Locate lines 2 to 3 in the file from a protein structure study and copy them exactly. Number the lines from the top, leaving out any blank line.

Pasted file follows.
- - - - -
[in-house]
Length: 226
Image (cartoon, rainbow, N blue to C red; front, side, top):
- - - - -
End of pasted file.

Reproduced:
Length: 226
Image (cartoon, rainbow, N blue to C red; front, side, top):